1. Julia

    Oh lordy, I have just finished the 3rd book via audio version. Not sure how I came across your books but have and loved them. Only trouble is I thought it was a trilogy, and then when half way through The Raven’s Shadow realised it was not. Oh me oh my, what am I to do. It seems I may become demented waiting on the next book, along with me waiting on Mr Patrick Rothfuss and his next instalment.

    anyway thought I would let you know, oh and the HP connection never occurred to me at all.

    Please release the book ASAP as I already feel brefet and I only ended the audio book 5 mins ago

    • Ellie

      However you found my books, I am very glad that you did!

      If it’s any consolation, The Wild Hunt was originally going to be a trilogy, until I got half-way through Trinity Rising – oops. I am currently beavering away on The Dragon House but it’s running behind schedule so watch this space for more news as to a publication date. As soon as it’s finalised, I’ll share.

      Please don’t get demented – I’ll feel awful 😉

  2. Martin

    Hello Elspeth
    I’ve read HP and seen the movies.
    I’ve read all three of your books and HP never came to mind!
    Even as an afterthought through reading your comments I still don’t see it!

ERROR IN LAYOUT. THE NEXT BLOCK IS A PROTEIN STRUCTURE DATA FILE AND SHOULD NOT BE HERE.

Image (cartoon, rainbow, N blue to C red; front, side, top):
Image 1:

Bring on The Dragon House!

  3. Gillian Brown

    I love your last point with the comparison to Luke Skywalker and Belgarion now my mind is busily ticking off the similarities to Harry.

    You will be happy to know I have enjoyed your books on their own merits and Harry Potter did not pop into my head to be compared with until you mentioned it. You are not alone , I recently read a debate that Enders Game was just Harry Potter in space even though it pre dates H P by a lot of years.

  4. Andy

    I think comparison’s like this are just an easy go-to for publishers and reviewers alike. The logic would follow that a comparison to Harry Potter would make a reader think “well, I liked HP so I’ll try that”. In actuality, the majority of people think “well, I liked HP so why would I bother reading a HP-lite, or a cheap imitation?”. Or, if they do pick it up, they are disappointed because, shock, the books are not comparable.

    For a long, long while – and still today, though to a lesser extent – every new fantasy trilogy was compared and likened to Tolkein. Be it “a successor to Tolkein”, “the next Tolkein” (and other supports) to “not as deep as Tolkein”, “not quite Tolkein”. More recently, emerging books (especially “grimdark”) are compared to GRRM.